Judy Rodgers’ genius as a cook was finding the perfection in the simplest dishes. And at her Zuni Cafe in San Francisco, diners would reserve months in advance to eat roast chicken.
The longtime chef at the iconic Bay Area restaurant died Monday. She was 57 and had been battling cancer. Her death was confirmed by her husband, Kirk Russell.
Rodgers was an integral part of a wave of young chefs who remade the culinary world in the 1970s and 1980s, inventing what has come to be called “California cuisine.”
She took over the kitchen at Zuni Cafe on a run-down stretch of Market Street in 1987, quickly turning what had been a passably popular Southwestern-themed cafe into one of the defining restaurants of her generation.
Under Rodgers, Zuni was named the best restaurant in America in 2003 by the James Beard Foundation. And in 2004, she was named the country’s outstanding chef by the same organization. (The other nominees that year included such well-known names as Mario Batali, Nobu Matsuhisa and Tom Colicchio.) Her “Zuni Cafe Cookbook” was named cookbook of the year in 2003 by the Beard Foundation.
In an era when most chefs pride themselves on reinventing their menus on a whim, Rodgers hewed to a strong central core of well-loved dishes. Perhaps the best loved of these is a simple roast chicken, cooked in a wood-fired oven. On the menu for decades, more than 350 a week are sold at Zuni.
This approach struck a chord in tradition-worshipping San Francisco. Though the Bay Area is full of restaurants to explore, Zuni Cafe was the place people called home, a place people went not to be amused, but to be comforted.
Like so many of her generation, Rodgers came to food almost accidentally. Born in St. Louis in 1956 in a decidedly non-gastronomic family, she spent her junior year in high school abroad. Through the happiest of coincidences, she wound up living with the family of the famed French chef Jean Troisgros, who with his brother ran an eponymous three-star restaurant in the Loire River town of Roanne and were among the founders of nouvelle cuisine.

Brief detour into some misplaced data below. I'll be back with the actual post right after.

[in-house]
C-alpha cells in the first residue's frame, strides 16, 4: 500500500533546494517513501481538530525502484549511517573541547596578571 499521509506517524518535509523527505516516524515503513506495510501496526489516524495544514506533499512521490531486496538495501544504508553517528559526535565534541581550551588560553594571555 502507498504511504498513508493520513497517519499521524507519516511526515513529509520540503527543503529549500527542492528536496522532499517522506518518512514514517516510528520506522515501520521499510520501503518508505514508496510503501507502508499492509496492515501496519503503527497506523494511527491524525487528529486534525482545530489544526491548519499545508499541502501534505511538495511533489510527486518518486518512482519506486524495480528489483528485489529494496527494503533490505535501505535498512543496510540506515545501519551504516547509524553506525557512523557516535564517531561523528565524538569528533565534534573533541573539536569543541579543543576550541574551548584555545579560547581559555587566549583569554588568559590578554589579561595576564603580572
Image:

She often said the turning point was a ham sandwich Troisgros fixed for her on her arrival at 4 a.m.
“That was when I started paying attention to food,” she told the Los Angeles Times in 2006. “Before then I was someone who fueled efficiently. But there was no turning back after that ham sandwich.”
It wasn’t the brothers’ creative cooking that inspired her nearly as much as the traditional Sunday dinners at their home, cooked by their sister. Later she studied with a series of French women chefs, who instilled in her a respect for the importance of doing simple things perfectly.
On returning to the United States, Rodgers started working for Alice Waters at Berkeley’s Chez Panisse while attending Stanford University. She was part of an all-star cast that moved through the restaurant in those days, including such well-known chefs as Lindsey Remolif Shere, Mark Miller, Jean-Pierre Moulle, Deborah Madison and Jeremiah Tower.
Rodgers brought the Chez Panisse aesthetic with her when she took over the kitchen at the historic Union Hotel in Benicia, Calif., in the early 1980s. There she perfected a fried chicken that then-New West magazine restaurant critic Ruth Reichl hailed as “the most perfect example of that dish I have ever encountered.”
That was typical of Rodgers’ approach to cooking: Take something seemingly simple and make the best version of it possible. And once that’s done, keep working at it.
It was a lesson she’d learned early in her cooking career, while working with the French chef Pepette Arbuto in the southwestern region of Landes, where the cuisine is built on duck — and not much else.
“That was a real awakening for me,” Rodgers told the Times. “I never noticed that I was eating duck two or three times a day, because people there had explored for a hundred years every possible elaboration of what was possible to do with all of those damned ducks they had, and had eventually winnowed all of those possibilities down to a few of the best.
“It wasn’t an attitude of ‘Here is what we have to do because we’re so isolated’; rather it was a daily exploration of what they could do with what they had.”
That was a lesson Rodgers took to heart.
Though she estimated that 60 percent to 70 percent of the Zuni Cafe menu changed weekly, if not daily, it was a solid core of classic dishes that defined its personality — house-cured anchovies with celery and Parmesan, a terrific hamburger, fresh oysters, a perfect Caesar salad. And, of course, more than anything else, that wonderful roast chicken.
“This is what I’ve always wanted to do,” she said. “Serve dishes that weren’t just playful and amusing but were keepers. I like keepers.”